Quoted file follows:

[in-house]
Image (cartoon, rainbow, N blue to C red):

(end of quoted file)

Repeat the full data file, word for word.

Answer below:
[in-house]
Image (cartoon, rainbow, N blue to C red):